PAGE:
Smithsonian Launches Race-Engaged Online Portal, Artists Remember George Floyd, and More: Morning Links from June 2, 2020

Smithsonian Launches Race-Engaged Online Portal, Artists Remember George Floyd, and More: Morning Links from June 2, 2020

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News

Artists in Minneapolis are working to remember George Floyd and others whose lives have been cut short by violence. [ARTnews]

Over the weekend, Dallas-based artist Jammie Holmes staged a work for which airplanes pulled banners through the sky reading “They’re going to kill me”—some of the last words spoken by George Floyd before he drew his last breath in Minneapolis. [T: The New York Times Style Magazine]

The Smithsonian’s National Museum of African American History and Culture launched a new online portal called Talking About Race, to be home to “videos, role-playing exercises, scholarly articles, probing questions, and more than 100 other multimedia resources that delve into racism and racial identity and the profound ways in which they shape society.” [The Art Newspaper]

The work of the artist Christo, who died on Sunday, courted its share of controversy over the decades. See a rundown of some of the more storied episodes. [ARTnews]

Corona Crisis

In a move sure to be watched by many in the world of institutions for the performing arts, the Metropolitan Opera in New York announced the cancellation of its entire fall season—with plans to come back no earlier than the start of next year. [The New York Times]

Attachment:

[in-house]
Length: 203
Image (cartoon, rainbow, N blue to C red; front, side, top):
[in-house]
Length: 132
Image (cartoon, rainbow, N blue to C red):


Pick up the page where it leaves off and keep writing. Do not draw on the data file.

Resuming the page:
Artist Tatiana Trouvé, born in Italy and now based in Paris, is telling the story of lockdown through works made on and with newspapers. [The Guardian]

Here’s a rundown of films and documentaries to watch while commemorating Pride month at home, including The Death and Life of Marsha P. Johnson, a transgender activist whose story figured in a number of art exhibitions related to the Stonewall Rebellion. [The New York Times]

Misc.

“Houston is losing one of its most intriguing art power couples”: Project Row Houses curator/director Ryan Dennis and the musician/artist Jawwaad Taylor. [The Houston Chronicle]

The storied electronic-music group Kraftwerk created a video to mark the unveiling of Sprüth Magers Gallery’s new website. [The Art Newspaper]

A “Great British Art Quiz” related to works in institutional collections in England queries readers with questions, such as “Where is this orgy taking place?” [The Guardian]

The Paris Review has an interview with the great poet Nathaniel Mackey. [The Paris Review]

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